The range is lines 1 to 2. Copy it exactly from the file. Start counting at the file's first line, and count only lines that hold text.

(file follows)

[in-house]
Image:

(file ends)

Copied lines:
[in-house]
Image: